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I notice that,

$i^n = i, \quad if \text{ } n \equiv \text{ } 1 \text{ } mod \text{ } 4$

$i^n = -1, \quad if \text{ }n \equiv \text{ } 2 \text{ } mod \text{ } 4$

$i^n = -i, \quad if \text{ }n \equiv \text{ } 3 \text{ } mod \text{ } 4$

$i^n = 1, \quad if \text{ } n \equiv \text{ } 0 \text{ } mod \text{ } 4$

so the series $\sum_{n=1}^{\infty} \frac{1}{2+i^n}$ seems to be an alternating series that does not converge to any point in the complex plane. Is there a rigorous way to prove this divergence? How would you write a proof to this divergence or convergence (if I am wrong)?

Thanks!

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    $\begingroup$ Show that the modulus of the $n$-the term does not tend to $0$ $\endgroup$ – Ant Jan 28 '17 at 20:23
  • $\begingroup$ What you should write always depends on what you can use in the proof. But the point is, of course, that you first prove that the term doesn't tend to 0, and then use or prove the general fact that in this case the series diverges. $\endgroup$ – Wolfram Jan 28 '17 at 20:28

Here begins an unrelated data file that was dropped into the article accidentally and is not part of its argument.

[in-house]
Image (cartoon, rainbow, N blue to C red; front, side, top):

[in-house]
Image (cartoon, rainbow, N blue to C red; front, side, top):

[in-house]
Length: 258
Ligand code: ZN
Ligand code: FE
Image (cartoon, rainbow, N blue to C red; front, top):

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Since $\forall n\in\mathbb{N},\,\left|2+i^n\right|\in\{1,\sqrt 5,3\}$, we do not have $\lim_{n\to\infty}\left|\frac{1}{2+i^n}\right|=0$ (in fact, that limit barely doesn't exist !).

So, the series diverges.

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  • $\begingroup$ Not sure what you mean by "in fact, that limit barely doesn't exist " $\endgroup$ – zhw. Jan 28 '17 at 21:38
  • $\begingroup$ For any sequence converging to some real $L$, we know that every subsequence converges also to $L$. But in that case, we have got three subsequences, namely $u_{4n}$, $u_{4n+2}$ and $u_{4n+1}$, which converges to 3 distincts values. $\endgroup$ – Adren Jan 28 '17 at 21:41
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For $n\geq 0$, let $$u_n=\frac{1}{2+i^n}$$ and

$$S_n=\sum_{k=1}^n u_k.$$

we have

$$S_{4n+1}-S_{4n}=\frac{1}{2+i}$$

thus, $(S_n)$ is not a Cauchy sequence and doesn't converge.

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